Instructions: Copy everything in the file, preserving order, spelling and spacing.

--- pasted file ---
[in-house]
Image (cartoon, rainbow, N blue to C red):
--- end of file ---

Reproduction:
[in-house]
Image (cartoon, rainbow, N blue to C red):